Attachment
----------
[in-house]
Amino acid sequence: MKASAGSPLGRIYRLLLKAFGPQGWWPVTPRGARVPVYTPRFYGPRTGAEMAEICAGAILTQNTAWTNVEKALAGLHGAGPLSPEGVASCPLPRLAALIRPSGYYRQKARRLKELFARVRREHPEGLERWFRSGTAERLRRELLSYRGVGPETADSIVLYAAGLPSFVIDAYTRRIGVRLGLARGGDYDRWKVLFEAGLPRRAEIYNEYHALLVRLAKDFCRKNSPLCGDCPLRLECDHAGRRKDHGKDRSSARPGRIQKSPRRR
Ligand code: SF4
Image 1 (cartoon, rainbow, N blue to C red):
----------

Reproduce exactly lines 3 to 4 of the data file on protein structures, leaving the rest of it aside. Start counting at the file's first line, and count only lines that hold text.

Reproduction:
Ligand code: SF4
Image 1 (cartoon, rainbow, N blue to C red):